United Airlines should be saluted for how it handled the ouster of its CEO and chairman amid a corruption probe, Yale School of Management's Jeff Sonnenfeld said Wednesday.
On Tuesday, United announced board member Oscar Munoz would replace Jeffrey Smisek as chief executive.
"The board moved quickly. They didn't put in an interim. They put the right guy in there," Sonnenfeld told CNBC's "Squawk Box." "They put somebody in there who knows what he's doing. He's been battled tested. [He's] very well thought of."
Munoz is the former chief operating officer of rail company CSX and was a member of Continental's board before its merger with United. In a letter to employees Tuesday, he said he would focus on improving customer service, building teamwork and driving innovation.
Independent director Henry L. Meyer was named nonexecutive chairman, replacing Smisek.
Sonnenfeld said it makes sense to separate the CEO and chairman roles at a time of crisis and transition and praised United for acting nimbly to do so.
United removed Smisek following an internal probe into alleged improprieties related to negotiations with the Port Authority of New York and New Jersey. The airline allegedly revived a flight from Newark International Airport to Columbia, South Carolina, at the request of then Port Authority Chairman David Samson, who owned a home nearby.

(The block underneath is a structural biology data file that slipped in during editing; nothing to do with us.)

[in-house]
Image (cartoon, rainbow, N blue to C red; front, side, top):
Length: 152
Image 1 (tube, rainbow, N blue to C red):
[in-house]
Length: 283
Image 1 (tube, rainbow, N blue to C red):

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The Port Authority oversees Newark airport, as well as New York City's two major airports.
Shortly after the agency approved a new United hangar at Newark, as well as financial incentives for its construction, the airline moved forward with plans to resume service from Newark to Columbia, according to media reports.
United and the Port Authority have received federal subpoenas requesting information and documentation concerning their dealings with one another.
The company did the right thing by launching an internal investigation, said Jacob Frenkel, a former federal prosecutor and now a partner at law firm Shulman Rogers.
"When quality corporations have senior executives who are caught up in some set of allegations, now corporate discipline requires that they remove themselves or be removed from those positions of leadership," he told "Squawk Box."
Frenkel said traditional bribery in which money changes hand is no longer common. The guts of the federal investigation will boil down to whether there was a bribe, quid pro quo, or kickback.
"The fundamental issue that has to be proven ... is that there was criminal intent here, that there was something of value that was given in exchange for an official act or expectation of an official act."
The defense would have to prove that any arrangements under investigation were bona fide corporate needs and there was no quid pro quo. That would require proving there was a business logic to restarting the Newark-to-Columbia route, which was reportedly shut down in the first place because it lost money.